As you probably know, the quality and quantity of sleep you get influence the quality of your life immensely.1 Also, you need sleep because it’s your body’s way of recovering so that you can function optimally both physically and mentally.2

Sleep science

First of all, you have an internal biological clock and sleep-wake homeostat that determines when you are awake and asleep. They are also the reason why most people sleep at night and remain awake during the day.2

Your night of sleep is broken up into different cycles.2 The two main types of sleep are REM (rapid eye movement) and NREM (non-rapid eye movement) sleep.2,3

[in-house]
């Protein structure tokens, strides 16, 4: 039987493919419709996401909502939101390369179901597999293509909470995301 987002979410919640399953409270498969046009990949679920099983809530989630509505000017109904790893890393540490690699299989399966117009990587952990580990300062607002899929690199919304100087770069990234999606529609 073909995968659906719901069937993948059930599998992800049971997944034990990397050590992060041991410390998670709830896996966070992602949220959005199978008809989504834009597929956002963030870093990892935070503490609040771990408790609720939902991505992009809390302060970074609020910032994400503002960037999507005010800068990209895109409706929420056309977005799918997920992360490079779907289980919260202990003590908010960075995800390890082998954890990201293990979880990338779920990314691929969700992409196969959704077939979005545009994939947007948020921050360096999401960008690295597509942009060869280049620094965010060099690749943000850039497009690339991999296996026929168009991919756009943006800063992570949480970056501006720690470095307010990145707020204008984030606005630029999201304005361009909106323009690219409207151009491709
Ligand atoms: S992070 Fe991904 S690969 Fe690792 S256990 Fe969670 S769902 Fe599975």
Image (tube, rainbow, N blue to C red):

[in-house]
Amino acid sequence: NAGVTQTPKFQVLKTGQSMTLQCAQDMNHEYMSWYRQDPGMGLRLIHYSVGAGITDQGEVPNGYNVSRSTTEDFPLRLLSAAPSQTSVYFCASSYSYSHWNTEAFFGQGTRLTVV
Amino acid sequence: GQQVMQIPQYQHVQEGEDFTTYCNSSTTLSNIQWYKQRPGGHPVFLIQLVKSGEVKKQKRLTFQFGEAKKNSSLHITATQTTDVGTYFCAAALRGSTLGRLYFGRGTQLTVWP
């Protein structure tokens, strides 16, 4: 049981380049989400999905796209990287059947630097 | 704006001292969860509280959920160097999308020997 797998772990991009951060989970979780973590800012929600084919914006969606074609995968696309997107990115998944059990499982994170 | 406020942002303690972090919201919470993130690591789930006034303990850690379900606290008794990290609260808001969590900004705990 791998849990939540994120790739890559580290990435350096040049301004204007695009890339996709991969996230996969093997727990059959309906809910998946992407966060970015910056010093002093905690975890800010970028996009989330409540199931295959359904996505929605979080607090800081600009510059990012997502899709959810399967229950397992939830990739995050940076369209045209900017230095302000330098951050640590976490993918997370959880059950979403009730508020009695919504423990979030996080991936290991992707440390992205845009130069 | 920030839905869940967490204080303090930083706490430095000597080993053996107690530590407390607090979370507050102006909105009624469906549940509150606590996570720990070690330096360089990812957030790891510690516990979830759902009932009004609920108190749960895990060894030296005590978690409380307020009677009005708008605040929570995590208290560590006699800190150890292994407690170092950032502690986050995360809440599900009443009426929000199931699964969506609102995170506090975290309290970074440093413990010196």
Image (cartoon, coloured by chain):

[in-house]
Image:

In the sleep cycles, there will first be an NREM and then a REM sleep cycle, and these repeat across the night. However, NREM becomes less and REM more in the cycles as the night progresses.2

Let’s firstly look at NREM. NREM sleep has three stages, and as it progresses through the stages the sleep becomes deeper. In adults, your sleep will usually begin with NREM sleep.2

NREM is then followed by REM sleep. As stated, REM stands for ‘rapid eye movement’. Some scientists think that the movement of the eyes in REM sleep has to do with dreaming. Dreams mostly occur during the REM sleep cycle. REM sleep makes up about a quarter of the total amount of sleep in adults.2,3

What is a healthy sleeping pattern?

It seems like most people in the world only sleep at night for about six to 8 hours, but not every culture or country follows this. In many countries around the world, it is perfectly normal to have a nap every afternoon. Like in Spain where they have a siesta midday.2